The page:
Council hopefuls talk about layoffs

February 21, 2009|By DAN DEARTH

HAGERSTOWN -- The number of Democrats running for the Hagerstown City Council will be narrowed to five from a field of nine in the March 10 primary election.

The winners will face off in the May 19 general election against four Republicans and one unaffiliated candidate.

There will not be an election among the Republican council candidates March 10 because at least five GOP candidates did not file to run.

It still is important, however, for registered Republicans to turn out to vote for one of three GOP mayoral candidates, said Kaye Robucci, deputy director of the Washington County Board of Elections.

"There are very important races for both the Democratic and Republican voters to vote for during the primary," Robucci said.

All five council incumbents -- Martin E. Brubaker, Kelly S. Cromer, Lewis C. Metzner, Penny M. Nigh and Alesia D. Parson-McBean -- will run against R. Noel Brady, William M. Breichner, David A. Lidz and Joseph A. Marschner in the Democratic primary.


Patrick N. Crist, Forrest W. Easton, Jeremy L. Manford and Don Mohar are the Republican candidates. Also seeking office is unaffiliated candidate Ashley C. Haywood.

The winning candidates will take office June 1, said Donna Spickler, clerk for the City of Hagerstown.

Each council member earns $8,000 per year.

With the City of Hagerstown's primary election approaching, The Herald-Mail asked each of the 14 candidates for City Council to respond to four questions.

The candidates' answers to the third question can be found on page A3 of today's edition. Their answers to the final question will be published March 1. Responses to the first two questions were published Feb. 8 and 15.

This week's question is: Would you support furloughing or laying off municipal employees to save the city money?

Coming Monday: Candidates for mayor respond to this week's question.

The Feb. 8 question was: What is the biggest problem facing the city of Hagerstown and, if elected, what will you do to solve it?

The Feb. 15 question was: How will you try to bring jobs to the City of Hagerstown?

Next week's question: Do you believe that the current administration has neglected other parts of the city by focusing too heavily on developing the first block of South Potomac Street?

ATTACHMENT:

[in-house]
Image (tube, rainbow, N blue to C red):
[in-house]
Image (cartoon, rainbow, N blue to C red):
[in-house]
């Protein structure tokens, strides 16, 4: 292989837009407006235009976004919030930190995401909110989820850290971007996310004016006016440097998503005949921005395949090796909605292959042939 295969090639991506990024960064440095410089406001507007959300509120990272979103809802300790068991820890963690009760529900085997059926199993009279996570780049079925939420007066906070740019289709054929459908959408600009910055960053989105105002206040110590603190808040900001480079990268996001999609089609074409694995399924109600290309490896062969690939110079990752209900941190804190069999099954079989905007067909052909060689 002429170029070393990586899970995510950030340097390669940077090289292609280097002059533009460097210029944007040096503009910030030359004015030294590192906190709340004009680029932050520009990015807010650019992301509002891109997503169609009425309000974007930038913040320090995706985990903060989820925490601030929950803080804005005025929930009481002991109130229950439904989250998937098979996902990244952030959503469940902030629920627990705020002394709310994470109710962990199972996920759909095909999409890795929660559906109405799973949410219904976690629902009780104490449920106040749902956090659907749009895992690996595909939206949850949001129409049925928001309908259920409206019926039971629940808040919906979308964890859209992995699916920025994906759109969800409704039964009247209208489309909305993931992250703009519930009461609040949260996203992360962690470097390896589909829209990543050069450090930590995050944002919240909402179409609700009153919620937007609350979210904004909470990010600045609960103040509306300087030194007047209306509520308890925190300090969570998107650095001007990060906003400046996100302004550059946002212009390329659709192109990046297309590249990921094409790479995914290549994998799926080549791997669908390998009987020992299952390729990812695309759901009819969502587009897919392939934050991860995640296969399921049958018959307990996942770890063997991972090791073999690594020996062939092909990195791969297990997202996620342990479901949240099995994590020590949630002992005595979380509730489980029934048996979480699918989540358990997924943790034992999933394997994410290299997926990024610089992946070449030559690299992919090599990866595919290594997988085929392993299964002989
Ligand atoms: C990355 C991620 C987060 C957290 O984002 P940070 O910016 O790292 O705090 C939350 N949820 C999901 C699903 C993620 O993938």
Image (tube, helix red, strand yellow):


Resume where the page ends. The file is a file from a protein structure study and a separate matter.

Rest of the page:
Editor's note: The following is the third of four questions that candidates for Hagerstown City Council were asked to answer, followed by their responses.

Candidates were asked to keep their responses to 150 words or less. Responses were edited for length and to fix typos or errors. Otherwise, they appear as they were received from the candidates.

Q: Would you support furloughing or laying off municipal employees to save the city money?


R. Noel Brady, 68


40 E. Antietam St.

When city employees retire, do not fill their positions. Transfer personnel from another department to fill the vacancy. If layoffs are necessary, lay off part-time employees first, then see if any of the employees would be willing to take early retirement, and the last option would be to lay off the employees.

William M. Breichner, 77


1117 Oak Hill Ave.

Keeping in mind that the balk of City employees fall into two critical categories, public safety and public utilities.

Public safety involves our police and fire departments and are of critical importance to all of our citizens. It would not be prudent to furlough employees in this area.

Our public utilities, water, sewer and electric, also have a responsibility for the health and safety of the customers they serve. The city would not save money in this area since they must operate strictly on their income for service and receive no tax dollars from the general fund.

I do not support furloughing employees. If necessary, I would first propose a hiring freeze and require a review of any position that may be requested before replacing. Should it be necessary, I would then propose to eliminate budgeted items, such as consulting fees and require said work to be accomplished in-house.

Martin E. Brubaker, 62

Democrat, Incumbent

183 Brynwood St.

Public employees are facing furloughs, layoffs and other measures in communities that are over-extended financially. However, Hagerstown remains in a sound financial condition going into FY 2010. Thus, drastic and disruptive measures to cut employees or their hours are not appropriate at the moment. However, the City government needs to manage vacant positions carefully and be even more cautious with expenditures generally. We maintain a rainy-day fund more than adequate for short-term unexpected events.

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